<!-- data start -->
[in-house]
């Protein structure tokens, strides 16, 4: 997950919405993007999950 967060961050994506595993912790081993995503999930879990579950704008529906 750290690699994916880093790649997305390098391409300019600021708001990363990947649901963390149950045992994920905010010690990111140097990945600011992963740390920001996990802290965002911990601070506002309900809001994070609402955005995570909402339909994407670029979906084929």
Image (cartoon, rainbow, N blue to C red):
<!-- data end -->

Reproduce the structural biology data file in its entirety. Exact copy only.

[in-house]
């Protein structure tokens, strides 16, 4: 997950919405993007999950 967060961050994506595993912790081993995503999930879990579950704008529906 750290690699994916880093790649997305390098391409300019600021708001990363990947649901963390149950045992994920905010010690990111140097990945600011992963740390920001996990802290965002911990601070506002309900809001994070609402955005995570909402339909994407670029979906084929």
Image (cartoon, rainbow, N blue to C red):